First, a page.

October 31, 2019

Logic Pro X: The best reason for a musician to buy a Mac

From the title of this article, you’ve probably guessed that Logic Pro X is a Mac-only application, and that praise will ensue. It is and accolades (mostly) do follow. However, there’s a ton of features and a very steep learning curve, so casual users should stick with Garage Band. That said, if you want more–$200 is an absolutely steal for a program with the pedigree and power of Logic.

Features up the wazoo

Logic is old-school and then some. I first encountered the program as C-Labs Creator on the Atari ST in the mid 80’s, but it’s also old guard in that it employs the strict track-based recording, arranging, and mixing metaphor that most DAWs of its vintage follow. Most early DAWs (and many later ones) are designed to mimic a recording studio. Logic is one of them.

There’s of course MIDI and audio editing, a truckload of virtual effects and instruments, and even notation, which is a relative rarity in newer DAWS that cater to untrained as well as trained musicians. There’s also a ton of effects and instruments, many of which are best of breed. In particular the Studio horns, the Alchemy Sampler, and drum sounds. The latter fit in the mix as well as anything I’ve heard.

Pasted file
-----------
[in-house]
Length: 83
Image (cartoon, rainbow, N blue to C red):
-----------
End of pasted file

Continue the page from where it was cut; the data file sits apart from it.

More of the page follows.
There’s more of course. Amp and pedalboards, impulse modelers, the list goes on. If it’s musical and been done in software, you’ll most likely find it in Logic.

As you might guess from its date of origin, Logic has had a long time to accrue features. Indeed, it’s easier to list what’s missing than what’s there–CV output (Continuous Voltage) and clip launching of the type found in Ableton Live, Bitwig, and others. That’s just about it, though even with the latter, you have an arranger track and folders that can contain entire songs that you can do much the same thing with.

Still, I can’t leave you without some sort of list, so here goes: time-stretching and transient editing of audio, MIDI from audio, tempo from audio, non-permanent and destructive audio editing, audio pitch manipulation, MIDI FX, Java-scripting of MIDI FX, a groove track, groove templates, a complex free-form routing “environment”, support for MPE (MIDI Polyphonic Expression), sample instrument articulation sets, etc.

The star of the Logic show for me is Drummer, though the Studio Horns are extremely nice as well. I generally play my own own beats, but my skills and breadth of technique are weak and narrow, respectively. Sigh. Drummer not only sounds great–it’s smart. Using its “follow” function, you can have it play something that actually compliments whatever clip or track you have it follow. It must been experienced to be believed and there’s no real equivalent to be had elsewhere (except for Garage Band) at any price.

Not only does Logic’s Drummer sound good, it will “follow” what you’ve played to create an appropriate accompaniment. Usually.